Iowa isn’t unique in this respect. With no comprehensive national child care program, responsibility in the U.S. has fallen heavily on individual families who frequently don’t have much money to pay for care. That has limited revenues for providers, who in turn can’t pay high salaries, leaving them to draw from a limited labor pool.

“I’ve had parents stopping and telling me thank you, because I was on the news here locally saying I won’t warehouse kids.”

- Miranda Niemi, director of Collins Aerospace Day Academy

Advocates have long called for government action to subsidize families and to boost provider wages. That would require some large outlays of money, but advocates say the investment would yield big, quantifiable returns for the rest of society.

Fewer care workers would have to rely on food assistance and other taxpayer-financed benefits, the advocates argue, while the field would attract more experienced and talented workers, improving the quality of care. At the same time, parents would have an easier path back to the workplace if they wanted one.

Miranda Niemi, who operates the Collins Aerospace Day Academy in Cedar Rapids, can attest personally to the difference that extra investment makes. She lost staff during the pandemic and when the kids started coming back, she couldn’t find replacements because local retailers and restaurants were offering better pay.

She worked out an agreement with Collins Aerospace, the large employer that subsidizes child care for its workers at the center, that increased the center’s revenue so that she could raise wages. The difference was dramatic. A dozen openings drew 68 applicants, some with 20 years of experience and degrees in education or child development.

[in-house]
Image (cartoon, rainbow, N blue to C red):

“I keep trying to tell people, you have to invest in the workforce,” Niemi told HuffPost. “If you can offer competitive wages, you’ll be able to get them in.”

The Approach Iowa Republicans Are Taking

That is not the approach that Republicans in the Iowa legislature have taken with their three new bills.

One would allow 16- and 17-year-old employees to watch over school-aged kids without adult supervision ― a prospect that worries advocates and many providers, who question whether teens are ready for that responsibility. Another bill would let providers charge co-pays to families on government assistance, even though those families are by definition struggling to cover basic life expenses.

“We can’t charge families anymore,” Tracy Elhert, an early childhood educator and consultant who is now a Democratic state representative, told HuffPost. “They already can’t afford it. It’s the same as college tuition in a lot of these programs.”

President Joe Biden at a Connecticut child care center in October, promoting his Build Back Better legislation. Negotiations on Capitol Hill have stalled, but Biden and Democratic leaders hope they can still enact key portions, including the early childhood provisions.
President Joe Biden at a Connecticut child care center in October, promoting his Build Back Better legislation. Negotiations on Capitol Hill have stalled, but Biden and Democratic leaders hope they can still enact key portions, including the early childhood provisions.

Then there is the bill to reduce adult-to-child ratios, even for young children who frequently aren’t verbal and haven’t learned sharing ― and are also going through potty training, which requires more individualized adult supervision.

“I really would like to invite them in for a day just to visit and actually spend time in a room,” said Niemi, who is also president of Iowa’s Association for the Education of Young Children. “There are things we do, to set up the environment up as safe as we can, but they need adults to be able to make sure that they’re making smart choices and not dangerous choices, and that they’re being safe. I just don’t know how they’re going to get that with the higher ratios.”

Supporters of the GOP bills point out that providers would be under no obligation to change their adult-to-child ratios. “This is a ceiling, not a requirement,” Ann Meyer, Republican chair of the House Human Resources Committee, told the Iowa Capital Dispatch. (Meyer’s office did not respond to HuffPost inquiries.)